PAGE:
SUBJECT GUIDES

University of Pennsylvania in the Civil War
Military Service

Prepared by Joseph-James Ahern
November 2010

Access to collections is granted in accordance with the Protocols for the University Archives and Records Center.

Thomas Humphries Sherwood Collection, UPT 50 S554

The collection documents Sherwood’s promotion as a surgeon in the Union Army. There are two pieces of correspondence to his wife (one letter, one telegram), with the letter expressing his views on service and events in the 3rd PA Cavalry; and the telegram informing his wife of a promotion and to come to Washington. Images of Sherwood, as well as certificates and memorabilia are included.

 

Robert Dechert Family Papers, UPT 50 D293

Box 4, FF 2, Dechert, Robert Porter Civil War Diary, 1865 January 17 - April 17
The cover of the diary notes "Asst Adj Gen Dept Hd Qts Left-Wing Army of Georgia." The diary recounts the movements of the Army from Savannah into North Carolina.

 

McClellan Family Papers, UPT 50 McC623

Box 1, FF 5, Arthur McClellan Correspondence
Includes an 1863 Headquarters Department of Washington pass for "Capt McClellan & Dr. Crehore," notes for corrections to reports, 1863, and miscellaneous calculations made on "Head-Quarters, Army of the Potomac, 1862" letterhead.

Despite the prominence of McClellan – the collection contains no letters from George B. McClellan, or in relation to the Civil War. The one piece of correspondence to George B. McClellan is from his nephew dated 1875 and relates to family matters.

 

Richards Family Collection, UPT 50 R514.1

Box 1, FF 5, Miscellaneous correspondence
Copy of letter dated 19 August 1863 from M. C. Meigs to L. W. Leeds at Calvert and Vaux Architects in NY authorizing them to draw up plans for the Western Hospital. Richards copied the letter.

 

James Tyson Family Papers, UPT 50 T994

James Tyson, an 1863 graduate from the University of Pennsylvania Medical School, worked as a acting assistant surgeon at the Army General Hospital at Broad and Cherry Streets during the Civil War.  During the Gettysburg Campaign he was temporarily assigned to the Army hospitals in Harrisburg, PA.  Being a Quaker – Tyson served as a contract private physician to the Army, and never held a military position. 

Box 1, FF 2  Henry Tyson Correspondence
Captain Henry A. Lantz to Henry Tyson, June 2, 1864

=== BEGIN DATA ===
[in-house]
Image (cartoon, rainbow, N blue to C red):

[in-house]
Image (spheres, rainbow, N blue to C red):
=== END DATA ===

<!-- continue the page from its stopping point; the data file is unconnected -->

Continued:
– Lantz of Co. E 50th Regiment Pennsylvania Volunteer Infantry writes from “Battle Field on Pamunky River” about the engagement on May 12 at Spotsylvania Court House, and the capture of two members of the Regiment. 

Jacob Tyson to Henry Tyson, December 2, 1864 – After personal material describing his trip home to Warrensburg, MO, describes the effects of Confederate Major General Sterling Price’s raid into Missouri, in terms of the sense of security residents feel, and material taken during the raid. 

Box 1, FF 7 – 9, 15-19 James Tyson Correspondence
1861-1865, contains correspondence from James Tyson to his father Henry, step-sister Amanda Caswell, and his future wife Fannie Bosdevex many written from the U.S. Army General Hospital at Broad and Cherry Streets in Philadelphia where James served first as an acting medical cadet and later as an acting assistant surgeon. Some of the letters written to Fannie in 1863 are during James time in Harrisburg.  Among the 1865 correspondence to Fannie is a broadside for entertainment at the Broad Street General Hospital on January 7, 1863.The Civil War materials sent to Fannie include Confederate currency, state seals, and five cent sutler paper scrip notes for the 32nd Regiment Pennsylvania Volunteer Infantry.   

Box 1, FF 23 James Tyson Diary, 1862
James’ diary recounts his views of events that took place around him during the year – including conclusion of his medical studies, duties at the General Hospital, and personal matters.  An entry in September does mention briefly the Battle of Antietam in relation to the medical staff at the hospital. 

Box 2, FF1 Miscellaneous Correspondence
Contains an 1865 order to Tyson to report to Camp Cadwalader to examine recruits, and his 1864 contract as an acting assistant surgeon.

 

Office of Alumni Records Biographical Records, UPF 1.9 AR

The collection consists of biographical files for deceased alumni and faculty. During the late Nineteenth Century questionnaires were sent out that inquired about military service. Those returned by Civil War veterans have varying degrees of information.

 

Alumni Register, UPM 8115

Vol. 15, No. 1, 1912 through to 1914
"University of Pennsylvania Men Who Served in the Civil War" by Jordan first appears, pp 20.

Vol. 18, No 7, 1916
"The University’s Men in the Civil War" by Major John C. White, pp 631-636.
White, a Penn alumnus, responds to Rawle’s article and discusses various graduates who served in the war.

Vol. 18, No. 8, 1916
"William Brooke Rawle" by Francis Rawle, pp. 691-695.
Biographical memoir of Rawle, recounts his Civil War service.

 

General Magazine, UPM 8115

Vol. 45, No. 1, 1942
"A Hospital at Gettysburg" by William Fisher Norris, pp 34 – 41.
Small group of letters from William Fisher Norris (1839-1901) to his parents during his time at Gettysburg (July 7 – 27, 1863) as a surgeon in charge of 3rd Division, 1st Corps hospital following the battle. While the location of the original letters is unclear, the Historical Society of Pennsylvania does have a collection of Norris Family Papers.

Vol. 60, No. 1, 1957
"Three Letters from the Front, 1864-1865," by Henry C. Parry, pp. 7 – 16.
Collection of letters from Parry – surgeon in 2nd US Cavalry in Sheridan’s Army of the Shenandoah – to his father.